Is Colocation Going The Cloud Way?
Cloud is an attractive place to be in. You just pay for the ride while the cloud flies by with other passengers. In comparison colocation means paying for whole busloads while you travel alone. This has been the main reason why colocation is losing out to cloud service providers. But many colocation professionals are planning to change that.
How does the colocation model work?
The traditional model is quite simple. You put your servers in a data center and negotiate the cost on an annualized or monthly basis. Of course, the data center does not care what you do with your servers. You can run them on full load or keep them idle. As a result you pay a whole lot more than what you use. This is a suboptimal cost structure. In comparison, cloud service provider charges you for what you use. How to now bring colocation services closer to the cloud model?
Why go for colocation?
Despite higher cost in comparison to cloud, many companies want to colocate their servers in data centers. The reason is obvious. They want better control over what they install on their servers. Security is another reason why many prefer colocation. Cloud services are not secure enough for some.
Data centers and running expenditure
A major part of the expenses involve consumption of electricity for cooling the data center. Remember that electricity is also consumed by the servers. Therefore the ratio between electricity used for servers and that for other reasons like cooling becomes important. It defines the efficiency of datacenter. The term power usage effectiveness (PUE) is used for this purpose. Obviously a PUE of 1 would be ideal. In practice, PUE can vary from around 1.2 and shoot up to 2.0.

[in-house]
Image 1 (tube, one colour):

What’s the colocation deal about?
Now considering that a data center guarantees a PUE of 1.2, it’s easy to calculate electricity consumption of your servers, including cooling requirements. For example, a load of 200 KW per month can be directly converted into cost of running the servers. For simplicity, we have not taken into consideration the cost of space occupied by servers. Now as user, you will have to pay for 200 KW of electricity even if your servers do not run on full capacity. Once your servers reach this limit, you can incrementally increase your contracted consumption to 300 KW. This model is nearer to the cloud but not as flexible. It’s like your data usage model used by cell operators – you can go for a 5 GB data package or 10 GB depending on usage. In effect, you pay a little more than you actually use.
Requirement of a monitoring mechanism
There is a need to monitor electricity consumption of individual server or group of servers in order to facilitate billing. Metering facility to measure electricity and a software to provide instant lookup for consumers is necessary for this model to be successfully implemented.
Advantages of pay as you use colocation services
For customers who want more control over their server environment, yet don’t want to pay for colocation services, this model based on usage is more appealing. For data centers this model would compel them to be more efficient and improve their PUE.
This pay as you use model for colocation is an exciting experiment. We have to watch future developments carefully before giving it thumbs up.